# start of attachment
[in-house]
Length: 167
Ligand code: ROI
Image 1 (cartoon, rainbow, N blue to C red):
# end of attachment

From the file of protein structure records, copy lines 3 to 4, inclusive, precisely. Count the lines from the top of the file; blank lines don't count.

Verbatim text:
Ligand code: ROI
Image 1 (cartoon, rainbow, N blue to C red):